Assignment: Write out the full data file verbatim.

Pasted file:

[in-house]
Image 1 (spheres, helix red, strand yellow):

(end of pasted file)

[in-house]
Image 1 (spheres, helix red, strand yellow):